Subscribe to our Newsletter


click to dowload our latest edition

Cubans to the rescue

Published

on

Voices

Being blessed with five children and not enough time in the day to give them all what they need, we have begun considering importing a few Cuban youngsters to help our children to be children. Because Cuban kids, much like their doctors and engineers, apparently offer something unique that we simply can’t find here in South Africa.

South Africa’s obsession with Cuba and her people had me wondering if there wasn’t something that I was missing. First, the African National Congress (ANC) imported doctors to assist in our fight against COVID-19. The move took place at a time when our own doctors were unable to find posts, and yet the outcry from local doctors failed to stop the initiative.

And now, in their latest Cuban import programme, it was announced that 24 engineers from Cuba had arrived and been welcomed in order to assist with water, sanitation, and infrastructure. According to the department, “The highly-qualified Cuban specialists will assist as advisors at provincial and local levels across the country, sharing their vast skills in the areas of mechanical, electrical, and civil engineering, as well as project management.”

Not everyone was happy. Political parties and labour organisations criticised the government’s decision to obtain help from Cuba at the expense of local talent.

Labour union Solidarity went so far as to send the department a list of 120 South African engineers who it said were qualified, competent, and willing to help fix the country’s water infrastructure. The union said it was unjustified to import foreign workers in the midst of an unemployment crisis, with South Africa’s official unemployment rate at almost 33%.

But the ANC remains undeterred. It’s clear that the government knows something we don’t. And it cannot be without good reason that it places such immense faith in the quality and expertise of this remarkable nation.

To be fair, I have never met a Cuban I didn’t like. Not that I have ever met one. But I trust the research the government has done, which made me wonder if there isn’t a pool of talent that could be the answer to some of our other challenges.

What if we could consider Cubans to fill roles at home and in our community? With the shortage, for example, of qualified Hebrew teachers, it could well be time for the South African Jewish Board of Education to start importing them from Cuba? Work visas won’t be a problem, and they must be known to be the best in the world (the ANC will provide references).

Further, I know of many a shul and community in search of a rabbi. Why not bring in a newly minted Cuban one? Mashgichim for the Beth Din? Car guards outside KosherWorld? Community Security Organisation volunteers? Talk show hosts for ChaiFM? The list is endless.

I have taken this strategy home. It has to be said that my wife isn’t fully on board with this, but I have started to threaten our children with bringing in Cuban substitutes if they don’t clear the table when I ask them to. Because, G-d knows, I will find a willing Cuban child who will. And they are the best at it. Apparently.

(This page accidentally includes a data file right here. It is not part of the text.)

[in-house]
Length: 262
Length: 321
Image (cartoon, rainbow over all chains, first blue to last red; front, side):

All said, we do need to be grateful to the Cubans. So often as South Africans we underplay the talent that we have, the training, ability, and quality of what our own country has to offer. We need to be grateful to the Cubans and the ANC for reminding us that in spite of what the government is telling us, our qualifications and skills are pretty decent and our kids aren’t not nearly as lazy as we thought they were. Even if they don’t clear the table when we ask them to.

Continue Reading
2 Comments

2 Comments

  1. Deanna Isaacs

    Apr 29, 2021 at 11:02 am

    Loved your column today thank you

  2. David

    May 3, 2021 at 6:53 am

    This ‘expertise’ has to be paid for.

    They come in.

    The money goes out.

    As they say in America: “ I’m just saying 😜”.

Leave a Reply

Your email address will not be published. Required fields are marked *

Voices

Conflict and media bias pose greater risk for Shavuot

Published

on

As we count down the final days to Shavuot, we are also keeping an anxious eye on events in the Middle East, where after a long period of relative quiet on the Israeli-Palestinian front, there is again an upsurge in deadly violence. As in years gone by, Jerusalem and in particular the Temple Mount area provided the spark leading to a renewed wave of hostilities against the Jewish state, including a resumption of missile fire on Israeli cities from Gaza.

The media coverage of events has yet again been characterised by an uncritical acceptance of Palestinians’ claims while those of Israel have, as usual, been downplayed or ignored altogether. As ever, it’s Israeli retaliation rather than Palestinian provocation that the mainstream media appear to regard as a cause for righteous indignation. Working with the South African Zionist Federation, the South African Jewish Board of Deputies (SAJBD) is doing as much as possible to bring greater balance to the coverage, including arranging for local and international spokespeople to appear on various radio stations around the country.

Times of intensified conflict in Israel are always deeply disquieting for Jewish communities everywhere, not only because of natural distress over the danger in which the Israeli people find themselves, but because of the heightened risk of retaliatory attacks against Jews in general. In South Africa, we have always witnessed a sharp spike in antisemitic activity during periods of serious violence in the region. The SAJBD is carefully monitoring events, especially discourse in social media, to identify and, where required, respond to any antisemitic threats. We ask that members of our community assist us by keeping their ears to the ground, and alert us via sajbd@sajbd.org to any incidents that come to their attention.

In addition to concerns about the possible fall-out from the conflict, we need to be aware that yom tov is a time when we need to be especially vigilant against possible attacks. All those who will be going to shul should therefore be sure to comply strictly with the guidelines provided by the Community Security Organisation and their congregations, including not gathering outside one’s shul before and after services.